Advertisement

Industry 4.0: revolution or hype? Reassessing recent technological trends and their impact on labour

  • Armanda CetruloEmail author
  • Alessandro Nuvolari
Article
  • 16 Downloads

Abstract

The aim of this paper is to reassess the current view of technological trends adopting a historical perspective. In our interpretation, the historical record provides some suggestive evidence for a more sceptical view of the notion of an emerging “fourth” industrial revolution. Indeed, even at an impressionistic glance, the recent developments in AI, communication and robotics that are marked as the core of the fourth industrial revolution, appear as a rather natural prolongation of the ICT macro-trajectories described in this paper. At the same time, to study the relation between technology and labour, we focus on the plant level as the most useful unit of analysis to consider the complex interaction between management systems, labour process and technological innovations. In this sense, we examine two Internet of Things’ technologies in order to underline the persistence of a fundamental trait of the capitalist mode of production, namely the exertion of control over workers. Consistently, we expect a continuity between newly emerging management practices and previous management systems, especially referring to the ones adopted during the ICT revolution.

Keywords

Industry 4.0 ICT revolution Management system Control 

JEL Classification

O30 O14 L23 

Notes

Acknowledgements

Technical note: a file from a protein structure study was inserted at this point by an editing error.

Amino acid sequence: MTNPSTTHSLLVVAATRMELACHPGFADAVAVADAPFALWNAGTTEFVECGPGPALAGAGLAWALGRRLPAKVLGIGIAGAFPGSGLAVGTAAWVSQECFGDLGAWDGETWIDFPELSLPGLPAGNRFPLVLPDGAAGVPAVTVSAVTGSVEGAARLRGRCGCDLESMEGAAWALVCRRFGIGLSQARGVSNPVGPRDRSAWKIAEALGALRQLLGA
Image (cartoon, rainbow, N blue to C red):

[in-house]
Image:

The authors acknowledge support from European Union’s Horizon 2020 research and innovation programme under grant agreement No. 822781 GROWINPRO—Growth Welfare Innovation Productivity.

References

  1. Adler, P. (1995). ‘Democratic Taylorism’: The Toyota production system at NUMMI. In Babson S. (Ed.) Lean work: Empowerment and exploitation in the global auto industry (pp. 207–219). Wayne State University Press, Detroit.Google Scholar
  2. Aglietta, M. (2000). A theory of capitalist regulation: The US experience. New York: Verso Books.Google Scholar
  3. Allen, R. (2017). Lesson from history for the future of work. Nature, 550, 321–324.CrossRefGoogle Scholar
  4. Arntz, M., Gregory, T., & Zierahn, U. (2016). The risk of automation for jobs in OECD countries: A comparative analysis. OECD social, employment and migration working papers, No. 189. Paris: OECD Publishing.Google Scholar
  5. Baccaro, L., & Howell, C. (2017). Trajectories of neoliberal transformation: European industrial relations since the 1970s. Cambridge: Cambridge University Press.CrossRefGoogle Scholar
  6. Bessen, J. (2015). Learning by doing. The real connection between innovation, wages and wealth. New Haven: Yale University Press.Google Scholar
  7. Bonazzi, G. (2007). Storia del pensiero organizzativo. Milan: FrancoAngeli.Google Scholar
  8. Braverman, H. (1974). Labor and monopoly capital. New York: Monthly Review Press.CrossRefGoogle Scholar
  9. Brynjolfsson, E., & McAfee, A. (2014). The second machine age. New York: W. Norton.Google Scholar
  10. Burawoy, M. (1982). Manufacturing consent: Changes in the labor process under monopoly capitalism. Chicago: University of Chicago Press.CrossRefGoogle Scholar
  11. Ciocchetti, C. A. (2011). The eavesdropping employer: a twenty-first century framework for employee monitoring. American Business Law Journal, 48(2), 285–369.CrossRefGoogle Scholar
  12. Cirillo, V., Rinaldini, M., Staccioli, J., & Virgillito, M. E. (2018). Workers’ awareness context in Italian 4.0 factories. GLO Discussion Paper, No. 240.Google Scholar
  13. Clark, G. (2007). A farewell to alms. Princeton: Princeton University Press.CrossRefGoogle Scholar
  14. Coriat, B. (1991). Penser à l’envers. Paris: Ch. Bourgois.Google Scholar